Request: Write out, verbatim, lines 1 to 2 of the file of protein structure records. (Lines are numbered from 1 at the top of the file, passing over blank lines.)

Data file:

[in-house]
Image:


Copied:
[in-house]
Image: